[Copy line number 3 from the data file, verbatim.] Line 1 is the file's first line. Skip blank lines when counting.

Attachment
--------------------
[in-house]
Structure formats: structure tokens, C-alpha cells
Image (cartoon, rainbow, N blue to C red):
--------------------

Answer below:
Image (cartoon, rainbow, N blue to C red):